The flowers of fava beans, aka broad beans, are so beautiful you may want to grow them for that purpose alone. The fact that you get beans would be secondary were it not for how wonderful they taste.
Beans in general are self-pollinating, which only means they have both male and female parts on the same flower. Some beans are fine left alone, but in this case, insects can help with the pollination. The fava bean plant can get pretty tall, so it’s best to plant them close together for support. You may even want to stake them, as they tend to like to bend over when they are about 2 feet tall.
They can easily be overtaken by weeds. One lesson learned the hard way. We also found that the rabbits really like them. Really, really like them. Yep, two lessons learned the hard way. Our first crop in 2012 was pretty much overwhelmed by weeds and rabbits, something we blame wholeheartedly on the mild winter that year. Both pests were much more in abundance than we normally see here in the Northeast, and to be honest we were not prepared. Fava beans also make a good cover crop, if you are looking to keep weeds at bay and improve your soil. What the weeds and the rabbits didn’t destroy, we let continue to grow then tilled that bed this spring.
We did get enough of a chance to eat a few beans to know that growing them is well worth it. As with so many other veggies, homegrown flavor far surpasses anything you will find in a store. Normally we would not describe a bean as sweet, but the fava bean certainly leans in that direction. So when the weather was right another batch was planted. This time we surrounded the bed with chicken wire as a precaution, and enough mulch to keep any weeds at bay. So far it has proven successful. As of mid-June we are starting to see bean development and are anxiously awaiting the first harvest.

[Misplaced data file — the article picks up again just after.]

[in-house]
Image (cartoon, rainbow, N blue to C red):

Fava? That doesn’t begin to describe this plant. Perhaps they should rename them Favalicious.
Botanical name: Vicia faba
Yield: Many beans per plant, if the rabbits don’t get them.
Planting time: Same as peas, they can take temps down as low as 10˚F.
Days to Maturity: 75
Harvest: I hear you can eat them whole if you pick them small, but usually they are harvested when the pods become plump. They can also be left to dry on the plant.
Storage: Blanch and freeze whole bean, peel before eating.
Pests: They attract aphids.
Seeds: Considered to be open pollinated and heirloom; you can save the seeds.
Gardening Jones is a master gardener in Pennsylvania. Learn more at gardeningjones.com/blog.
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